U.S. gold coins discovered in the garden of a London home, where they were buried in fear of a Nazi invasion during World War II, recently sold for more than $150,000 in U.S. funds.
The coins were sold Nov. 29 during an auction conducted by London auctioneers Morton & Eden, with 67 coins offered as one lot, and an additional 10 coins sold individually.
The story behind the coins is both bittersweet and uplifting, wherein a family that could not escape Nazi atrocities even after fleeing to Great Britain eventually experienced restoration of some property in an unusual case of treasure law in the United Kingdom decades after the end of World War II.
The hoard of 80 gold $20 double eagles from the United States survived the war, rediscovered in two groupings, in 1952 and 2007, but five members of the family that buried the coins did not. The heirs, however, would be reunited with the portion of the hoard discovered in the 21st century.
Martin Sulzbacher, a German banker who emigrated to the United Kingdom in 1938 shortly before Kristallnacht, was declared an “enemy alien” by British authorities in 1940 and sent abroad during the war, on the Arandora Star, which was torpedoed by a U-boat off the coast of Ireland on its way to Canada. After surviving that attack, Sulzbacher was sent on another ship, to Australia, and later sent to the Isle of Man, where his wife and children had been sent.
His family, including a brother, Fritz, who was a citizen of the United Kingdom and remained there, removed the coins from a safe deposit box at a bank, prior to the Blitz, and buried the coins at the family’s London home, fearing, if the Nazis were to invade, that coins in a bank would be seized, as had been done with similar property in the Netherlands.
Fritz Sulzbacher and four family members perished in a direct hit on their home from a German bomb during the Blitz, and the location of the coins was lost with them.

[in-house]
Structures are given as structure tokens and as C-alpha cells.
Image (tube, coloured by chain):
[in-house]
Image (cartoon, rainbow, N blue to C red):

Upon returning to the United Kingdom in 1942, Martin Sulzbacher learned the coins had been buried and mounted unsuccessful efforts to recover them. One jar of 82 coins was discovered during a construction project in 1952; according to the British Museum, the coins were awarded to Sulzbacher. Sulzbacher died in 1981 with the whereabouts of half of the treasure still unknown.
The remaining portion of the hoard was discovered by Terence Castle and a friend in 2007 as they dug a pond in a garden in Hackney, a borough in east London; the find was announced Oct. 18, 2010, and during a treasure inquest earlier this year it was announced that a surviving family member had been located in Israel.
Because Max Sulzbacher, 81, Martin’s son, was located, the treasure was awarded to him rather than becoming, technically, crown property. The Treasure Act 1996 was intended to deal mainly with older coin hoards, often dating back to Roman or Celtic times. This is the first time since the act came into force in 1997 that an original owner or descendant made a successful claim for an item that otherwise would have been declared treasure, according to the British Museum, whose Portable Antiquities Scheme manages treasure finds in the United Kingdom.